Friday of the Fifth Week in Ordinary Time [II]
I Kings 11:29-32;12:19  +  Mark 7:31-37
February 9, 2018

He ordered them not to tell anyone.

Perhaps the difficulty that many of us modern persons have with prayer is nothing more than the fact that we’ve forgotten how to have a conversation with anyone, much less with the Almighty.  In the Gospel today, we see Jesus take aside a man who is both deaf and mute.  Jesus heals him of his ailments.  Jesus tells those around them not to speak of the miracle.  But immediately, they proceed to do just that, and the more He orders them not to, the more they do it.  These people, maybe, are examples of what happens during our own prayer:  there is praise of God, words spoken about God, and even words spoken to God.  But all these words drown out Jesus’ demand to be silent.

The English word “obedience” comes from the Latin word which means “to listen”.  These people in the Gospel refuse to listen to what Jesus is telling them, and so, even in praising Jesus, they are disobeying Him.

In our prayer, in our conversation with God, we should listen at least twice as much as we speak.  More importantly, we should listen first, before beginning to speak to Him.  Silence, though, can be deafening.  Were we to stop saying what we want to say, we might lose control of the conversation, and there would be no telling what we might hear in that silence.  Perhaps what God has to say to us would be difficult for us to hear, and would demand self-sacrifice from us.

February 8, 2018

Thursday of the Fifth Week in Ordinary Time [II]
I Kings 11:4-13  +  Mark 7:24-30
February 8, 2018

“Lord, even the dogs under the table eat the children’s scraps.”

St. Mark the Evangelist tells us that a Greek woman—that is, an outsider—came to Jesus and “begged” Him to help her daughter.  This woman, despite not being a Jew—despite not being among that people of the Covenant, who had been waiting for the Messiah to come—nonetheless cried out to Jesus for help.  But what happened when she cried out to Jesus for help?

Jesus essentially calls the woman and her daughter dogs!  He says to this outsider, “It is not right to take the food of the children and throw it to the dogs.”  The “children” Jesus is referring to are the children of Israel, the ones the Father sent Him to teach, while this woman is an outsider, a “dog”.  But why is Jesus talking this way?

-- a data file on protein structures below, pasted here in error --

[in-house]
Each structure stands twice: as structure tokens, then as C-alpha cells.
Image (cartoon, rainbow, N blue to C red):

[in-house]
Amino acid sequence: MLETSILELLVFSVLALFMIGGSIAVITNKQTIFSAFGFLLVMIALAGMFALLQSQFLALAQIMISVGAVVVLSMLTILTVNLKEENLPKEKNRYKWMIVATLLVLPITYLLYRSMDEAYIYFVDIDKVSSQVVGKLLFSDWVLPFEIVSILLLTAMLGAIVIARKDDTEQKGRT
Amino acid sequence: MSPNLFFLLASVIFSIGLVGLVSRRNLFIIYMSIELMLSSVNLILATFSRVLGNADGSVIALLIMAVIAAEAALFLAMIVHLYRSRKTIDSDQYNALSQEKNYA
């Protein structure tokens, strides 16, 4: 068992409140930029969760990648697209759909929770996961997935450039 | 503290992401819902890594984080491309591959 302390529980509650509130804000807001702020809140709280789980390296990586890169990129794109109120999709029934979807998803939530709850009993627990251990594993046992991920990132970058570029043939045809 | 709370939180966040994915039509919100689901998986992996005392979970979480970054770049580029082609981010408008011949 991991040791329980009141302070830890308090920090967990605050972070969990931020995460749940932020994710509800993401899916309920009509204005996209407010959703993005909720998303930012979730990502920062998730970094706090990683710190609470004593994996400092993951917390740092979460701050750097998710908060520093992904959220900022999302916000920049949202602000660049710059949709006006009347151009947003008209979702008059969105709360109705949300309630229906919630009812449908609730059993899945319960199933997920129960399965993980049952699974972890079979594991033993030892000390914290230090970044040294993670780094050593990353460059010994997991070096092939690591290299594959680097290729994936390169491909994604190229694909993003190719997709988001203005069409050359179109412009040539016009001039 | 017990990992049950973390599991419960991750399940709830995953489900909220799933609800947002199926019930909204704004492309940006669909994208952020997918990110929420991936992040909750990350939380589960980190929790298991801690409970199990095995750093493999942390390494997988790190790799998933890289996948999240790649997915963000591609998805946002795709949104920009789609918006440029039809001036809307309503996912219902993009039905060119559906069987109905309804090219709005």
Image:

Scripture scholars tells us that our English translation “dogs” doesn’t fully capture what Jesus says.  The actual word is more gentle, and specific, meaning “puppies”:  something adorable, if pesky.  The woman’s response to Jesus shows that she knows what Jesus is up to, and is willing to play along.

God knows you better than you know yourself.  God demands faith from us, even when we believe we have none.  He is willing to “pull” our faith out of us—we might even say that He is willing to test us—in order to purify our faith.  Jesus knows what sort of faith this woman has.  He is willing to draw it out, because without faith on this woman’s part, He will not work a miracle.  Pray for the sort of confident faith that this woman has to banter with God and to recognize that your being an outsider is not an impediment to the grace God wishes to give you.

February 7, 2018

Wednesday of the Fifth Week in Ordinary Time [II]
I Kings 10:1-10  +  Mark 7:14-23
February 7, 2018

The mouth of the just murmurs wisdom.

Today’s Responsorial comes from Psalm 37.  The refrain—“The mouth of the just murmurs wisdom”—is the beginning of one of the Entrance Antiphons for the first Mass from the Common of Doctors of the Church.  Such luminaries as St. Augustine of Hippo and St. Thomas Aquinas inspire us with their dedication to wisdom.  They sacrificed of themselves in order to be instruments by which God could communicate His wisdom to others.  How can we understand this refrain in regard to ourselves on this weekday in Ordinary Time?

One of the notable features of this passage from Psalm 37 is that it actually speaks more directly about the Lord than about “the just”.  Why is this?  The psalm makes it clear that the Lord is the source of all that is good in man.  The refrain demonstrates this:  the just man “murmurs wisdom” and “utters what is right” because the “law of his God is in his heart”.

This message from Psalm 37 stands in a certain contrast to Jesus’ words in the Gospel.  Jesus speaks at length, and quite unflatteringly, about what comes from “within the man, from his heart”.  He mentions 13 evils, though one gets the impression that He could just as easily have continued.  Here Jesus is describing the fallen human heart that does not have the law of God within.  Jesus wants us to realize our utter need for the law of grace if we are to transcend our fallen selves, and serve as instruments of God’s Wisdom.